Facilitated Communication (FC) is a technique whereby individuals with disabilities and communication impairments allegedly
select letters by typing on a keyboard while receiving physical support, emotional encouragement, and other communication
supports from facilitators. The validity of FC stands or falls on the question of who is authoring the typed messages – the individual
with a disability or the facilitator. The International Society for Augmentative and Alternative Communication (ISAAC) formed
an Ad Hoc Committee on FC and charged this committee to synthesize the evidence base related to this question in order to
develop a position statement. The purpose of this paper is to report this synthesis of the extant peer-reviewed literature on the
question of authorship in FC. A multi-faceted search was conducted including electronic database searches, ancestry searches,
and contacting selected authors. The authors considered synopses of systematic reviews, and systematic reviews, which were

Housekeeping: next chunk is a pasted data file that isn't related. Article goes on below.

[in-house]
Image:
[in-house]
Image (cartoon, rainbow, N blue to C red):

supplemented with individual studies not included in any prior reviews. Additionally, documents submitted by the membership
were screened for inclusion. The evidence was classifi ed into articles that provided (a) quantitative experimental data related to
the authorship of messages, (b) quantitative descriptive data on the output generated through FC without testing of authorship,
(c) qualitative descriptive data on the output generated via FC without testing of authorship, and (d) anecdotal reports in which
writers shared their perspectives on FC. Only documents with quantitative experimental data were analyzed for authorship. Results
indicated unequivocal evidence for facilitator control: messages generated through FC are authored by the facilitators rather than
the individuals with disabilities. Hence, FC is a technique that has no validity.
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